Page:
although most were Japanese.
The teacher then went round the room and worked with one group at a time, explaining the meaning of words, phrasing,
and figures of speech. She coached the students, spending much time on pronunciationa and intonation, working with full
stops, and she modelled, sometimes word by word. The classroom had only a small white board and nothing was written.
This work was all verbal, so the students had to listen carefully. All were spread out on the floor.
After going from group to group and making sure that each student knew their character's intentions, Lucinda had the
two men read their scene for meaning and intention while all the students listened and watched. After the reading
(all scenes are short, only two pages) the entire class discussed the scene and the character relationships. Then
the girls read through their scene with the same discussion after their reading. The class then separated and went to
different areas of the large room to work on developing movement to go with their dialogue.
Each pair spent about half an hour rehearsing their scene with lines and movement. They then returned to the center of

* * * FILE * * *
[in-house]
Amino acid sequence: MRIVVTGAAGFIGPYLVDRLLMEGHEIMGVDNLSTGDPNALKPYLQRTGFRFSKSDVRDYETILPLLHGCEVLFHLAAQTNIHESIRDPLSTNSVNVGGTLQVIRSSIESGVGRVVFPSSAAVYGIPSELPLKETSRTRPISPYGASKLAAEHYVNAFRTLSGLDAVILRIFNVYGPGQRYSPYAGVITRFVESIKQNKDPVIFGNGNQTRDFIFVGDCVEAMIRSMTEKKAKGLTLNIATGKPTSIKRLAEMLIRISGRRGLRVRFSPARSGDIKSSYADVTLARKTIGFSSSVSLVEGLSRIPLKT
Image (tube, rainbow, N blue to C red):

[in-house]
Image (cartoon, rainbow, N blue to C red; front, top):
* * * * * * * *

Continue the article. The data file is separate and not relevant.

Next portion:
the room to do their scenes with movement. As the rest of the students formed an audience, two girls read through their
scene. Lucinda stopped them to work line by line on the subtext. She wanted to make sure that the actresses understood what
their characters were thinking at every moment underneath each phrase. This exercise was revealing. As each phrase
was examined for motive, a book of culture, history, and manners emerged. To understand what a character is saying, the
actress must understand the historical and social context of her character as well as understand what her character
wants to do and why. And what a lot of examination of culture comes from this! It occurred to me that this must be one of
the best ways of teaching culture whilst not appearing to do so!
Finally, once the understanding of what was being said and why was determined, the students worked through again
adding their movement as extension of the lines. Time was also spent on getting the pronuncation just right for the period
and the style. And in no time, the class was over.
I was left with two certainties after having watched the class. The first certainty is that work with subtext is one
of the very best ways to teach culture as students must draw upon an understanding of cultural norms and manners and expectations
in order to develop their characters. The other is that we really must get out of the habit of placing chairs in our language
classrooms! Students need space to spread out, to move, to physicalize their thought and speech. We are too used to containing
our students in unnatural spacial fields that in itself leads to a petrification of natural speech. When we open the space,
we open our students' ability to integrate their new language with their whole sense of being themselves.
I think the following pictures illustrate well the natural flow of the drama class.